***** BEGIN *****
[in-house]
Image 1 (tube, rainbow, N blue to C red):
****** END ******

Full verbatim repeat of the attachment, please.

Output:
[in-house]
Image 1 (tube, rainbow, N blue to C red):